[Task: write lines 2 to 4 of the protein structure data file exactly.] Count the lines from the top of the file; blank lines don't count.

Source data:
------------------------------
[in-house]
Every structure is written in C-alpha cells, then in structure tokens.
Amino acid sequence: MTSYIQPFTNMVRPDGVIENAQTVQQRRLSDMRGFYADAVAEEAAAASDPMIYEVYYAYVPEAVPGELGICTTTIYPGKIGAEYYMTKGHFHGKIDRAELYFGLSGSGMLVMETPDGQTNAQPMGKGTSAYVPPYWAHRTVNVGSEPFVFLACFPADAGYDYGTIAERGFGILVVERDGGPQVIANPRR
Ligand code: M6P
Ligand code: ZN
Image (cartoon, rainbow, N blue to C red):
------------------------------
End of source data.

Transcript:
Every structure is written in C-alpha cells, then in structure tokens.
Amino acid sequence: MTSYIQPFTNMVRPDGVIENAQTVQQRRLSDMRGFYADAVAEEAAAASDPMIYEVYYAYVPEAVPGELGICTTTIYPGKIGAEYYMTKGHFHGKIDRAELYFGLSGSGMLVMETPDGQTNAQPMGKGTSAYVPPYWAHRTVNVGSEPFVFLACFPADAGYDYGTIAERGFGILVVERDGGPQVIANPRR
Ligand code: M6P